The most special compliment a coach can receive from another coach is about one of his players.

The most special compliment a coach can receive from another coach is about one of his players.

Judging from the good things his opponents have said about Landen Colson, Chad Cope has a good idea where the Watson Chapel graduate ranks among high school catchers in Arkansas.

Asked if Colson’s the best, Cope answered: "One of them, and that’s coming from other coaches in the state I’ve talked to."

Colson has been a coach’s dream at that position with his offensive and defensive ability. He batted .526 this season, highest in Southeast Arkansas, recorded a .989 fielding percentage and threw out 9 of 10 baserunners during the Wildcats’ run to the 5A-South Conference championship and 5A state semifinals.

"Other coaches have come up to me and said, ‘Your catcher is something special. ‘We can’t run on him. We can’t do anything on him," said Cope, the Southeast Arkansas Coach of the Year.

Colson’s all-around play made him an easy choice for a spot in today’s Arkansas High School Coaches Association’s All-Star doubleheader at the University of Central Arkansas in Conway. First pitch at Bear Stadium is at 5 p.m.

It’s also another chance for Colson to end a highly successful prep career on a high note.

"Since we have come up short (of a state championship) every year since I’ve been here, I definitely feel like this game is definitely going to be the biggest game that I’ve played in," Colson said. "I know a ton of guys who will be on opposite teams. They’ve been on my prospect team, and they’re really, really good pitchers."

The catcher has been a key cog in the Wildcats’ winning or sharing the conference title each season he’s played. Watson Chapel last went to the state title game his sophomore year.

Individually, Colson has set a high bar in the program with his outstanding average. Cope has never had a .500 or better hitter in his five seasons leading Watson Chapel, and he marvels at how Colson’s stayed consistent at the plate even after the change in bats from aluminum to BBCOR (Bat-Ball Coefficient of Restitution).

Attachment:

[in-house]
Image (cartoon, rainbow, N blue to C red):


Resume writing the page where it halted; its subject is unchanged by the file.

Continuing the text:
"That’s something special," Cope said.

Colson credits his extensive work on his swing for his success, which included 23 RBIs and 10 doubles in 2014.

"Basically just getting out in the cages, hitting out on my own time, hitting at the school, making sure I work out when I need to, on field and off field and all that good stuff," he said.

Cope added Colson takes each at-bat personally, especially if he doesn’t hit the ball hard. Colson did not homer this season, but Cope said he hit the wall eight to 10 times.

"I think, finally this year, maturity was the biggest thing he realized," the coach said. "This is a game of failure. You have to learn to deal with it. The average person in the major leagues, if you hit .300, you’re successful. He finally realized, if he pops up the first time, you still have two or three at-bats."

Arkansas Tech, which recently won the Great American Conference regular-season title and hosted the Division II Central Regional, took note of Colson’s play and landed him as an early signee. Cope, a former Southern Arkansas player, thinks Colson is a great fit for the Russellville program.

"Landen’s bought into what we do," Cope said. "We start the second day of school around here practicing. He’s bought in to the weights from the middle of October ‘till after spring break. This is every day he’s bought into it. He’s going to do well at Arkansas Tech."